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A fully integrated radio transceiver chip for the 2.4 and 5 GHz WLAN standards 802.11a/b/g is presented in a 0.25 �m 40 GHz BiCMOS technology. The chip integrates the LNAs, mixers, channel filters, PGC, synthesizers with VCOs and reference oscillator, transmitters, anti-aliasing filters and voltage regulators. The presented transceiver exceeds all IEEE requirements for the 802.11a/b/g CCK and OFDM standards. At 2.4 GHz, an operational range of –85 to 8 dBm and of -74 dBm to 4 dBm have been demonstrated for the 11 Mb/s CCK and 54Mb/s OFDM modes, respectively. Furthermore a maximum EVM of -32 dB have been measured.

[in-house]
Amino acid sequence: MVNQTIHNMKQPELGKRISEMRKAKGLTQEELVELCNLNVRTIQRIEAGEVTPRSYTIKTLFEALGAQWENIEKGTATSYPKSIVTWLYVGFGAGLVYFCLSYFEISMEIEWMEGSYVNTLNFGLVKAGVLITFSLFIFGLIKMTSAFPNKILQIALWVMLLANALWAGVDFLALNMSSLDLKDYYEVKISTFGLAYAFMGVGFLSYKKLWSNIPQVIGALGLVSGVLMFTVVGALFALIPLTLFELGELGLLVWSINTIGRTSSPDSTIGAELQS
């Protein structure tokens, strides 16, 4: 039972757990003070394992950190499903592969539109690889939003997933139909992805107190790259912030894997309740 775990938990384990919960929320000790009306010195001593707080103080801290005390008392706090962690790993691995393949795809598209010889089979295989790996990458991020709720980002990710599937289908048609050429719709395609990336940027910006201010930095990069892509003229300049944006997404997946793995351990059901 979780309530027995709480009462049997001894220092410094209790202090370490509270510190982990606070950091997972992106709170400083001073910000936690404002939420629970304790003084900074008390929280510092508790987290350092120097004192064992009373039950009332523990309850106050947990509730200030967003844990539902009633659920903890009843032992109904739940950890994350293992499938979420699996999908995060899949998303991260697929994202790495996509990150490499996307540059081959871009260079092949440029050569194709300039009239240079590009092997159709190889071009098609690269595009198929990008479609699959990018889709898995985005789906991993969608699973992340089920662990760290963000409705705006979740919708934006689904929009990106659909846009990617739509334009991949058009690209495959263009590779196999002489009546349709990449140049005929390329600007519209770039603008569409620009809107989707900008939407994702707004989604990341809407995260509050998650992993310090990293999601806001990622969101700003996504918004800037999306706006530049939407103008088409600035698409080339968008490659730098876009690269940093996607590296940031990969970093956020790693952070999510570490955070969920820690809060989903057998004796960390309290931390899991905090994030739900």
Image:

A highly integrated, dual-band, multi-mode Wireless LAN Transceiver Thomas Rühlicke, Markus Zannoth, Bernd-Ulrich Klepser Infineon Technologies AG, Secure Mobile Solutions, Technology and Innovations 81609 Munich, Germany Abstract: transceiver, including the major blocks of the transceiver: low noise amplifier (LNA), transmitter, synthesizers, A fully integrated radio transceiver chip for the 2.4 and voltage regulators and the 3-wire bus interface including 5 GHz WLAN standards 802.11a/b/g is presented in a the control logic. For the established 802.11b standard a 0.25 µm 40 GHz BiCMOS technology. The chip direct conversion architecture is used at the receive path integrates the LNAs, mixers, channel filters, PGC, to achieve a low power consumption and a high adjacent synthesizers with VCOs and reference oscillator, channel rejection. With this standard the requirements transmitters, anti-aliasing filters and voltage regulators. regarding linearity, dc-offset and signal to noise ratio The presented transceiver exceeds all IEEE (S/N) are not as constrained as for the high data rate requirements for the 802.11a/b/g CCK and OFDM standards 802.11a and 802.11g, where 54 MBit/s data standards. At 2.4 GHz, an operational range of –85 to rate can be achieved. For the high data rate, a low +8 dBm and of -74 dBm to +4 dBm have been intermediate frequency (LIF) based architecture has been demonstrated for the 11 Mb/s CCK and 54Mb/s OFDM chosen. Compared to a standard IF architecture , the modes, respectively. Furthermore a maximum EVM of LIF architecture provides a low-cost solution and -32 dB have been measured. overcomes the dc-offset problems of the Zero-IF solution with a direct conversion architecture. 1. Introduction RX 2.4GHz RSSI RSSI In recent years there has been a increased demand in RX 2.4/5GHz wireless local area networks (WLANs). The most 2.4GHz RX Filter / PGC CCK Filter commonly used frequency bands are the 2.4 to 2.5 GHz RX 5.2GHz ISM band and several frequency bands from 5.15 and RX I Q 5.85 GHz, with several communication standards defined 5GHz PGC1 PGC2 in the IEEE 802.11 standards. Thereby, the standards OFDM Filter Loop Filter 802.11a and 802.11g enable data rates of up to 54 MBit/s TX 5.2GHz 0° PLL 5 GHz 2.4GHz using orthogonal frequency division multiplexing 90° TX 5GHz 40 MHz out (OFDM) . The established standard 802.11b uses the Synthesizer direct sequence spread spectrum (DSSS) and has a 3-wire TX 2.4GHz 3-wire bus maximum data rate of 11 MBit/s. bus TX LDO This paper presents the circuit design and measurement 2.4GHz I results of highly integrated, 2.4 and 5 GHz dual-band, Q 802.11a/b/g multi-mode RF transceiver. The circuit is Fig. 1: Block-diagram of the dual band transceiver fabricated in a 0.25 um 40 GHz BiCMOS technology. The chip is assembled in a 48 pin package for small size The high frequency 5 GHz transmit path for 802.11a uses and small number of external components. a low-IF direct modulator, while for the lower band at 2.4 GHz a zero-IF direct modulator is implemented. 2. Architecture of the transceiver A major advantage of the chosen RF architectures in the receive and transmit path of the transceiver is the low For the architecture of the presented RF transceiver a component count of the system reference design. The direct conversion architecture with a combination of low- external parts are: blocking capacitors at each power IF and zero-IF interfaces to the baseband IC has been supply close to the pins; the external 40 MHz crystal chosen. In general, the advantage of a zero-IF architecture (xtal); one reference resistor to generate an exact is higher adjacent channel rejection using real channel reference current; the matching networks for LNA-inputs filters while the advantage of a low-IF architecture is a and modulator outputs and the external loop filters for larger robustness of the signal with respect to dc offset and both synthesizers. For the complete WLAN system, an image rejection since these impairments lead to out of- additional band-select filter at the LNA inputs, a band spectral components. baseband processor, power amplifiers for 2.4 GHz and Fig. 1 shows the schematic block diagram of the 5 GHz, antennas and switches are required. No further channel filtering at the receive path, anti-aliasing filtering give sufficient margins for the power amplifier to meet at the transmit path or voltage is needed. the specified EVM value of –25 dB for the 54 MBit/s mode . 11a 11b 11g 3. Description of the major blocks of the transceiver Frequency 5.15- 2.4- 2.4- 3.1. Transmit path 5.85GHz 2.5GHz 2.5GHz For the transmit path a direct modulator architecture is Sensitivity (54Mb/s) -74dBm -72dBm used for 2.4 GHz and for 5 GHz modes. As low-IF is Sensitivity (11Mb/s) -85dBm used at the 5 GHz path a larger bandwidth is Max. input power -10dBm +4dBm +4dBm implemented at the low frequency blocks than at the I-Q impairment 0.6% 0.8% 0.8% blocks for the 2.4 GHz path, where direct modulation is 1° 1.3° 1.3° used (see Fig. 2). The complex analog input signals are Adjacent channel 0dB/9dB -28 dB 0dB/9d fed directly to a integrated low pass filter that is suppression (7dB marg.) B integrated to reduce the harmonic spectra of the digital Alternate channel >30dB >30dB analog converter of the baseband chip to the required suppression value of -40 dBc for the OFDM modes and –50 dBc for RX EVM limit -32dB -32dB -32dB the CCK modes, respectively . TX EVM -32dB -32dB -30dB The filtered signal is then fed to a programmable gain PLL rms phase error 1° 0.6° 0.6° amplifier that is used to convert the voltage output signal Table. 1 : Summary of WLAN transceiver performance of the active RC filters to a current. With the The 2.4 GHz output spectrum of the transmitter is shown programmable gain the production tolerances of the in Fig. 4 for the 11 MBit/s CCK mode as well as for the output power can be canceled out. The modulator core 54 MBit/s OFDM mode. The transmission spectrum itself consists of two bipolar switching pairs where the masks are exceeded with sufficient margins for the current is directly inserted . LO for I Signal nonlinearities of the power amplifiers. The whole transmit path operates with a supply voltage 3rd Order of 2.6 V and has a current consumption of 155 mA at the Butterworth I U/I- 5 GHz mode and 110 mA at the 2.4 GHz modes. These 3rd Order Converter measured values demonstrate a state-of-the art direct IX Chebyshev modulation transmitter performance, with the capability out outx of supporting the 54 MBit/s modes with a very small 3rd Order Q Butterworth number of external components, e.g. output matching U/I- 3rd Order Converter network and supply blocking capacitors. Q Chebyshev -13 X -23 -33 LO for Q Signal -43 Fig. 2: 2.4 GHz transmit path of the WLAN transceiver -53 -63 For OFDM signals with 10 dB back-off, a mean output -73 power of –4 dBm can be measured with a matched output -83 -93 at the 5 GHz band as well as the 2.4 GHz band. The -103 constellation diagrams for the CCK 11 MBit/s mode and -113 2392 2402 2412 2422 2432 2442 Frequency/MHz 2452 2462 2472 2482 2492 for the 54 MBit/s OFDM mode are shown in Fig 3. Fig. 3: Transmission mask for 802.11g 11Mb/s QPSK CCK (left) and 54Mb/s 64QAM OFDM (right) signals 3.2. Receive path The receive path consists of two LNAs with mixers at the input for the 5 GHz band and 2.4 GHz band, a first programmable gain control stage (PGC1), channel filters and second PGC stages (PGC2) as shown in see Fig. 5. The down conversion mixers consist of Gilbert-Cell Fig. 4: 2.4 GHz transmit constellation diagram for mixers. The first PGC optimizes the level of the signal to 802.11g 11Mb/s QPSK CCK (left) and 54Mb/s 64QAM reduce the linearity requirements of the channel filter. Both OFDM (right) signals OFDM and CCK channel filters have been integrated in order to replace external SAW filters. For the Low-IF The measured error vector magnitudes are –32 dB and OFDM modes (802.11a/g) polyphase bandpass filters are -30 dB for the 5 GHz and 2.4 GHz band, respectively used. For the OFDM signals a Butterworth approximation th (see Table. 1). These measured values for the transceiver of 5 order with a center frequency of 10 MHz and a 3 dB- RSSI out -20 RSSI RSSI outx 1b/g RF in I-Signals Channel Filter -30 LO IQ RF inx Chebyshev I out PGC1 PGC2 Channel IX out Filter -40 Butterworth Polyphase to ADC Level [dBm] Channel Filter Butterworth Q out -50 PGC1 PGC2 RF in Channel QX out 11a Q-Signals Filter RF inx LO IQ Chebyshev -60 -70 measured ACP Fig. 5: Receive path of the WLAN tranceiver -80 Spec limit bandwidth of 25 MHz is used. For the 802.11b and Channel 802.11g CCK mode a low-pass filter with a bandwidth of -90 8 MHz is used. Both filters are implemented with active 2397 2417 2437 2457 2477 frequency [MHz] RC circuits in leap-frog structures. In addition to the signal path, a received signal strength indicator (RSSI) has been Fig. 7: Measured ACP in 11 MBit/s CCK mode implemented to detect any signal to wake up the baseband For the 11 MBit/s 2.4 GHz CCK mode, a sensitivity of chip and to measure the signal level. -85dBm has been measured, i.e. 9 dB better than the The LNA has a gain of 30 dB which can be reduced by IEEE specification of -76dBm. The high sensitivity and 20 dB at the 5 GHz mode and by 27 dB at the 2.4 GHz low noise floor measurements demonstrate the excellent mode, respectively. Fig. 6 shows the measured low noise performance of the presented receiver, which constellation diagram for a 11 MBit/s CCK signal as well will enable a large operational range and a high as for a 54 MBit/s OFDM signal for received 2.4 GHz robustness against multi-path disturbances. signals. 15 EVM 10 Specs limit 5 0 -5 EVM [dB] -10 -15 -20 Fig. 6: Receive constellation diagram for 11Mb/s QPSK -25 CCK (left) and 54Mb/s 64QAM OFDM (right) signals -30 An EVM of –30 dB has been measured, which is 12 dB -35 better than the minimum requirement for a 54 Mb/s -100 -80 -60 -40 -20 0 AWGN channel . The adjacent and alternate channel OFDM input power [dBm] suppression has been determined by measuring required ACP (adjacent/alternate channel power) for a EVM Fig. 8: Measured sensitivity for the 54 MBit/s 802.11g degradation to -18dB of a 54 Mb/s OFDM channel with OFDM mode –62 dBm . An adjacent and alternate channel suppression of 0dB and 30dB has been measured, respectively, which 3.3. Frequency synthesizer demonstrated the feasibility of a Low-IF receiver To achieve minimum power consumption at each band architecture for 802.11a/g OFDM receiver. At the (2.4 GHz and 5 GHz), two different frequency 11 MBit/s CCK mode an adjacent channel power of synthesizer blocks are used (cf. ). -28 dBm has been measured which shows a margin of The reference oscillator running at 40 MHz is a partly 7 dB to the specified value of –35 dBm, cf. Fig. 7. integrated Colpitts oscillator. Only the xtal and a The sensitivity for an EVM value of –18 dB, which capacitor has to be connected externally (cf. ). corresponds to a 54 MBit/s PER (package error rate) of The synthesizer for the 5 GHz band consists of an 10% as required by the IEEE standard , has been integer-N offset phase locked loop (PLL) with a voltage measured to be -73 dBm, cf. Fig. 8. The measured value controlled oscillator (VCO) at 4/3 of the desired is 8 dB better than the IEEE requirement. For higher transmitted frequency. With using this architecture (cf. inputs powers the specification is met up to an input level ) a quadrature phase error of only 1° has been of +4 dBm (see Fig. 8). measured, which is a state-of-the-art value for a 5 GHz synthesizer and demonstrates the advantages of the receivers a maximum EVM of -32 dB has been measured, presented architecture. which enables the design of highly robust WLAN systems In order to combine a large tuning range with low tuning regarding multi-path distortion. Using a reference design sensitivities the VCOs feature a band selection algorithm board, a large operational range from -85 dBm to +8 dBm to set one out of 128 VCO frequency bands followed by in 11 MBit/s CCK mode and -74 dBm to +4 dBm in an analogue settling process controlled by the PLL . 54MBit/s OFDM mode has been measured with a 2.4 GHz The bands of the VCO can be selected by switching input signals. capacitances in the oscillator tank (see Fig. 9) . VCC 5. Acknowledgement The presented circuitry has been developed within funded projects HGDAT and IBMS2 by the ministry of education and research in Germany (BMBF). Vtune  Wireless LAN Association, "Wireless Networking Standards and Organisations", www.wlana.org, April 2002  Su, M. Zargari, P. Yue, S. Rabii, D. Weber, B. Kaczynski, S. Mehta, K. Singh, S. Mendis, B. Wooley, "A 5 GHz CMOS TRansceiver for IEEE 802.11a Wireless LAN", ISSCC 2002 Digest of Technical Papers, Paper 5.4, Feb. 2002  Bernd-Ulrich Klepser, Manfred Punzenberger, Thomas Rühlicke, Markus Zannoth, “ 5-GHz and 2.4-GHz Dual- Band RF-Transceiver for WLAN 802.11a/b/g Applications”, to be published in the Proceedings of the on/off RFIC Conference, 2003.  C. Grewing, A. Hanke, S. V. Waasen, Fig. 9: VCO with switchable LC-Tank "Schaltungsanordnung zum Bereitstellen eines komplexwertigen Lokaloszillator-Signals und Summarizing all tolerances having impact on the Empfänger", Patent pending Nr.: P2001,0617WO frequency accuracy after band selection algorithm  Kral, F. Behbahani, A.A. Abidi, " RF-CMOS oscillators performed a fine-tuning sensitivity of 200 MHz/V is with switched tuning", in Custom IC Conf., Orlando, FL, sufficient for locking the PLL under all conditions. pp. 569-572, 2000 For a conventional VCO at 5 GHz, a tuning range of  J. Kucera, B.-U. H. Klepser, “3.6GHz VCOs for multi- 1500 MHz would be required to cover all defined bands band GSM Transceivers”, Proceedings of the ESCCIRC, over production tolerances. With a given tuning range of 2001  B.-U.H. Klepser, M. Scholz, E. Götz, "A 10-GHz SiGe BiCMOS 1 V, the resulting tuning sensitivity would be as large as Phase-Locked-Loop Frequency Synthesizer", IEEE Journal of 1500 MHz/V. These high tuning sensitivity would have Solid-State circuits, Vol. 37, No.3 March 2002 pp. 331 significant drawbacks with respect to crosstalk, pushing and phase noise, which clearly demonstrates the advantage of the presented VCO architecture. The phase noise floor normalized to 1 Hz of both PLLs is measured to be –215 dBc/Hz, which is comparable to a XO Regulator VCO PLL state-of-the-art SiGe-PLL . The rms phase error of the whole synthesizer including quartz oscillator and voltage TX-Filter VCO LNA regulator is measured to be 1° at the 5 GHz modulator output and 0.6° at the 2.4 GHz modulator output. With RX-Filter these values the requirements for EVM can be exceeded for the 54 MBit/s mode of the 802.11a/g standards. LO-Generation RX-PGC 4. Conclusion LNA Modulator A transceiver has been realized in a 0.25 um, 40 GHz RSSI BiCMOS technology for the WLAN standards 802.11a/b/g. The chip integrates a complete dual band transmitter, dual band receiver, two phase locked loops with integrated VCOs, level detector and voltage regulator Fig. 10: Chip photograph of the WLAN transceiver (see Fig. 10). The chip exceeds all IEEE specifications for 54 MBit/s modes. At a mean output power of –4 dBm, the measured transmit EVM is –32dB at 5 GHz and -30 dB at 2.4 GHz, respectively. For both 2.4 GHz and 5 GHz